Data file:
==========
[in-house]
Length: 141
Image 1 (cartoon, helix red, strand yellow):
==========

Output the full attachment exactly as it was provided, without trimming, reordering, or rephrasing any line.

[in-house]
Length: 141
Image 1 (cartoon, helix red, strand yellow):